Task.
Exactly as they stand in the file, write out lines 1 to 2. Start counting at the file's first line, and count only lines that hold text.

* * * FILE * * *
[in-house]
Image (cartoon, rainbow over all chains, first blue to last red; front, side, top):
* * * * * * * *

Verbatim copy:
[in-house]
Image (cartoon, rainbow over all chains, first blue to last red; front, side, top):